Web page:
Dr. Jennifer Williamson, ND

Joe-Pye Weed (Eupatorium purpureum or maculatum, sometimes listed as Eutrochium with the same species name) is yet another member of the Asteraceae family and which I mistakenly identified first as Boneset (Eupatorium perfoliatum). This plant is in the same genus, according to some sources, and the flowers look very similar, but the leaf arrangement is different. For Joe Pye Weed, the leaves are whorled, meaning there can be three or more leaves at the same node. The plants that I photographed had 5 leaves per node. Boneset’s leaves are significantly different and I’ll be keeping my eye out for them since it grows in this area as well.

Joe Pye was the name of the Native American doctor who taught early settlers how to use this plant for typhus or other fevers. But this plant also has other common names such as Purple Boneset, Purple Thoroughroot, Gravelroot, and Queen of the Meadow. However, since other plants share some of those common names, it is always safest to refer to a plant by its Latin Genus and species. For example, I still to this day can’t keep Devil’s Claw and Devil’s Club separate in my brain until I refer to the Genus (Harpagophytum and Oplopanax respectively).

The root of Joe-Pye Weed is typically the part used medicinally, but I have also seen references that uses the aerial flower and leaves for teas. It has the following actions: anodyne, alterative, antacid, antilithic, apertif, astringent, diaphoretic, diuretic, emetic, nervine, relaxant, and stimulant. For these reasons, I would definitely recommend this herb for kidney stones, gall bladder stones, urinary tract infections, irritable bladders, stress incontinence, bedwetting, gout, prostatitis, impotence or anything involving pain, congestion, or irritation of the genitourinary tract.

This is an invaluable plant for acute concerns, but should not be used in large amounts or for a long time because it contains pyrrolizidine alkaloids (PA). The PA in this plant is in smaller quantities than some other well-known plants such as Comfrey, but the caution to avoid use in pregnancy still stands. An example of acute usage would be one cup of the root decoction every 2 hours, or 5-15 drops of the tincture in a cup of water. The flowers and leaves can also be made into a tea and boiled down, then used as a cough syrup when molasses is added.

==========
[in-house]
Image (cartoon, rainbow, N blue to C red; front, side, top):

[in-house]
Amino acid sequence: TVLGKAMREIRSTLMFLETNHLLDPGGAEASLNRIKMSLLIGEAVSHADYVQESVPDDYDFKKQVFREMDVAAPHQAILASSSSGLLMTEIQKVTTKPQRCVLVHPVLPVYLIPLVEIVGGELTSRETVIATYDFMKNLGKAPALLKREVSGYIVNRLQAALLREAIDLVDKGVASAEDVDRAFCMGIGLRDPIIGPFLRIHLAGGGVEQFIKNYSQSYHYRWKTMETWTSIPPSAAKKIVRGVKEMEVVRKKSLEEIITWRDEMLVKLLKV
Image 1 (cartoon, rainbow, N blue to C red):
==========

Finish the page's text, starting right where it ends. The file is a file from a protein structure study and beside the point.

When Joe-Pye Weed is made into an alcoholic tincture, it is not uncommon for a resinous compound called eupurpurin to precipitate out of the liquid.

Williamson_headshotJen Williamson, ND is a native of Buffalo, New York who earned her Bachelor of Science at Gannon University in Erie, Pennsylvania and a Doctorate of Naturopathic Medicine from Southwest College of Naturopathic Medicine in Tempe, Arizona. While in medical school, she became very involved in the student community, most notably as the President of the Student Government Association. For her service, upon graduation she was given the Outstanding Leadership Award.

In the spirit of Docere, the Naturopathic principle of the doctor’s role as teacher, Dr. Williamson was an adjunct professor in the Complementary and Alternative Therapies program at Daemen College. She has had articles in a variety of publications, including Naturopathic Doctor News and Review, SheKnows.com, local Buffalo magazines and papers, as well as her own newsletter, blog and website. While practicing in Buffalo, she also offered over 30 different classes to the public at various events and locations.

In 2012, Dr. Williamson moved to Vermont to expand her practice of Naturopathic Medicine as well as provide an atmosphere that resonates with her medicine for her son, Victor, and husband, David. As a Primary Care Physician at Avalon Natural Medicine, Dr. Williamson focuses on mental/emotional, gastrointestinal, and endocrine disorders. Most of her treatment plans include a combination of nutritional, herbal and homeopathic remedies, but she has also received additional training in Hair Trace Mineral Analysis and Bowel Nosodes.

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